By Lucy Chabot Reed
Work on M/Y Anodyne — a massive refit of a small-ish yacht designed to make it bigger — was halted on Aug. 13. Rumors have swirled around Fort Lauderdale and through the broader yachting community about why. No one involved in the refit at Derecktor shipyard in Dania Beach, Florida, would discuss the project, even before things stopped this summer.
But since December, emails and chat forums have been abuzz with allegations of bribes, kickbacks and inappropriate behavior that litter a lawsuit involving Anodyne, its primary metal fabricator Southern Yacht Industries, and its project manager.
M.V. Anodyne LLC, a Nevada company that owns the vessel, is the defendant in a lawsuit filed in October in which Southern Yacht Industries sued for its outstanding bills of more than $1.8 million. Anodyne countersued in November, alleging financial improprieties by the company, its owner Jerry Goss, and its project manager throughout the four-year project. In responding to the allegations in a December filing, Goss and Southern denied any wrongdoing. Their attorney, William Salim of Moskowitz, Mandell, Salim & Simowitz in Fort Lauderdale, declined to comment.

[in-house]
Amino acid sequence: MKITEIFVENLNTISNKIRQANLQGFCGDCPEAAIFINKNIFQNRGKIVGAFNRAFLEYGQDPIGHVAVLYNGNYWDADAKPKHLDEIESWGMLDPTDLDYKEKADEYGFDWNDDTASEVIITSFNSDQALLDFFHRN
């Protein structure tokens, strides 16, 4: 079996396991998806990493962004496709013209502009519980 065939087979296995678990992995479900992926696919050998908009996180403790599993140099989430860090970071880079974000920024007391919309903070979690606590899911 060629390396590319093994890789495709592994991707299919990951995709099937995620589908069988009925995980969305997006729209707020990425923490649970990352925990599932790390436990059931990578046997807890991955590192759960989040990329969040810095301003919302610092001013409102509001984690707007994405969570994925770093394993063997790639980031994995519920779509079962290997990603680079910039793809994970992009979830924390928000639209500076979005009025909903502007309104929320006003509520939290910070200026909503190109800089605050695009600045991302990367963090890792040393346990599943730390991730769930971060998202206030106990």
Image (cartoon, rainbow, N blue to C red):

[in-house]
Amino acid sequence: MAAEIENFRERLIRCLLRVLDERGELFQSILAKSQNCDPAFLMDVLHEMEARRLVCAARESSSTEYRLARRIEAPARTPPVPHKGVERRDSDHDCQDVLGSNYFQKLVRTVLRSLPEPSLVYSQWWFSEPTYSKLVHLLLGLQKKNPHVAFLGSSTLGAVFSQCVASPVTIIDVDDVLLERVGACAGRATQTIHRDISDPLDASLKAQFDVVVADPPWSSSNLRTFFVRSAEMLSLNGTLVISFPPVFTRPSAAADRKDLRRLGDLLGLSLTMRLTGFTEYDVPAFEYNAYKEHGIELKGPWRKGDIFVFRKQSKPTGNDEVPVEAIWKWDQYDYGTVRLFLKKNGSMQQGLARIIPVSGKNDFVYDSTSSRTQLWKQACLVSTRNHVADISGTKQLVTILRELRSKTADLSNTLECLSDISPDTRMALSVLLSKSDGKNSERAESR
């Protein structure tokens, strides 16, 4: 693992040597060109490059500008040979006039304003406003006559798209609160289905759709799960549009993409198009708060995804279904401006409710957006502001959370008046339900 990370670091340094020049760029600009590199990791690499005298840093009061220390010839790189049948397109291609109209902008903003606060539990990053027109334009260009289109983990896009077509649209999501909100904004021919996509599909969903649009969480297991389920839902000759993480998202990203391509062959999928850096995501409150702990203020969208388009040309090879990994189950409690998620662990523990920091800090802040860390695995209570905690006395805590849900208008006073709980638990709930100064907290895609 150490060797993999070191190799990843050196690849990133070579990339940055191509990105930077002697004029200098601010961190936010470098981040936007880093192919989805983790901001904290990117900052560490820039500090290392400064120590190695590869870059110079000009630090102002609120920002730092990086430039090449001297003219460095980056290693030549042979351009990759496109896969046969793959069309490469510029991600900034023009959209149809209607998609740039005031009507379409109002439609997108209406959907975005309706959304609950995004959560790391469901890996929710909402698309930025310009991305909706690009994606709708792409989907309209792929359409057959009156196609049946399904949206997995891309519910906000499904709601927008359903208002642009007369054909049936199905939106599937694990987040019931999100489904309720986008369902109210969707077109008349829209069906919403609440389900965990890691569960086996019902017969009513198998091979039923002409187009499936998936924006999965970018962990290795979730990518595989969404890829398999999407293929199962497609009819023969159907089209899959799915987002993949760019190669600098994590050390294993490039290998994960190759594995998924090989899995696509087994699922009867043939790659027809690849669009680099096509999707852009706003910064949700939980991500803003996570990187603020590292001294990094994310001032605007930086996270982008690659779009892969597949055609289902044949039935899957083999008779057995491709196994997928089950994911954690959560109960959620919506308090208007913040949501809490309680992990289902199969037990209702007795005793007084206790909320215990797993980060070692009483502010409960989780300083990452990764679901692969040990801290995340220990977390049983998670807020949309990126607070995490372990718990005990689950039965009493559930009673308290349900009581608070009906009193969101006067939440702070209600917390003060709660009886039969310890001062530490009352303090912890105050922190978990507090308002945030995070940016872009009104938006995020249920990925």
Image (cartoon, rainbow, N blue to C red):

The vessel began life as M/Y Boundless, a 98-foot steel Inace built in Brazil in 2010. Its new owner funded a refit to cut the hull in half and extend the yacht to 110 feet, customizing her along the way. Known as Project Anodyne, the project began at Rolly Marine on the New River in Fort Lauderdale, but was barged to Derecktor on the Dania Cut-off Canal four years ago for the rebuild.
At the start of the project, the extensive rebuild was expected to cost $25 million and be completed in 2017.
According to the lawsuit, payments to Southern Yacht Industries alone exceeded $60 million, and the project was not complete at the time it was halted in August.
At least one other lawsuit has been filed: a dispute over procedures for arbitration between Anodyne and its naval architect, Horizon Naval Architects.
Lucy Chabot Reed is publisher and founding editor of The Triton. Comments are welcome below.
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